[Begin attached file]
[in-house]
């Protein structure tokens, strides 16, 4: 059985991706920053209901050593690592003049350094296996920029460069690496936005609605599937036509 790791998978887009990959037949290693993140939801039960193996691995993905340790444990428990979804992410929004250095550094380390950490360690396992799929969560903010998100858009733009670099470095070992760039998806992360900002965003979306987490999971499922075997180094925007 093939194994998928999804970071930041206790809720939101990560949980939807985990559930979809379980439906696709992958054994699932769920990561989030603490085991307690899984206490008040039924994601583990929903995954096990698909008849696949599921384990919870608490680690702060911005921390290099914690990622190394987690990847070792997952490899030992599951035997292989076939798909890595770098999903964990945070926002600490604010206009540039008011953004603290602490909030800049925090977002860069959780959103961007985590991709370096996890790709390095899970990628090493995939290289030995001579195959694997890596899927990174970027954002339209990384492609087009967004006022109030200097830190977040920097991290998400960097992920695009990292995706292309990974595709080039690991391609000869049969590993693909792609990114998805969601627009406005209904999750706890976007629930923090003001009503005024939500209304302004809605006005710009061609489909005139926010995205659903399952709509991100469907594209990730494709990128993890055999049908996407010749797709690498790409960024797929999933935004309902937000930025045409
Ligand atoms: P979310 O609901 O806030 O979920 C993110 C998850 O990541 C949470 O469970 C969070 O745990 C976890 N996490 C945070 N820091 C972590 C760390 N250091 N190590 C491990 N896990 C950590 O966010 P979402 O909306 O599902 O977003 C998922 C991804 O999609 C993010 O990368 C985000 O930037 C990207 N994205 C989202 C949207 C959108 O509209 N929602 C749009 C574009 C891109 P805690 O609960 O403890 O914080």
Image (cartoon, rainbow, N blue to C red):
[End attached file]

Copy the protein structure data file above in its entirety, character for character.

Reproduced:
[in-house]
């Protein structure tokens, strides 16, 4: 059985991706920053209901050593690592003049350094296996920029460069690496936005609605599937036509 790791998978887009990959037949290693993140939801039960193996691995993905340790444990428990979804992410929004250095550094380390950490360690396992799929969560903010998100858009733009670099470095070992760039998806992360900002965003979306987490999971499922075997180094925007 093939194994998928999804970071930041206790809720939101990560949980939807985990559930979809379980439906696709992958054994699932769920990561989030603490085991307690899984206490008040039924994601583990929903995954096990698909008849696949599921384990919870608490680690702060911005921390290099914690990622190394987690990847070792997952490899030992599951035997292989076939798909890595770098999903964990945070926002600490604010206009540039008011953004603290602490909030800049925090977002860069959780959103961007985590991709370096996890790709390095899970990628090493995939290289030995001579195959694997890596899927990174970027954002339209990384492609087009967004006022109030200097830190977040920097991290998400960097992920695009990292995706292309990974595709080039690991391609000869049969590993693909792609990114998805969601627009406005209904999750706890976007629930923090003001009503005024939500209304302004809605006005710009061609489909005139926010995205659903399952709509991100469907594209990730494709990128993890055999049908996407010749797709690498790409960024797929999933935004309902937000930025045409
Ligand atoms: P979310 O609901 O806030 O979920 C993110 C998850 O990541 C949470 O469970 C969070 O745990 C976890 N996490 C945070 N820091 C972590 C760390 N250091 N190590 C491990 N896990 C950590 O966010 P979402 O909306 O599902 O977003 C998922 C991804 O999609 C993010 O990368 C985000 O930037 C990207 N994205 C989202 C949207 C959108 O509209 N929602 C749009 C574009 C891109 P805690 O609960 O403890 O914080």
Image (cartoon, rainbow, N blue to C red):